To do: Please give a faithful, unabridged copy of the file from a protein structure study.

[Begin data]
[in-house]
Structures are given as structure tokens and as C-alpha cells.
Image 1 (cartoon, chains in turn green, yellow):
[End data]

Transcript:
[in-house]
Structures are given as structure tokens and as C-alpha cells.
Image 1 (cartoon, chains in turn green, yellow):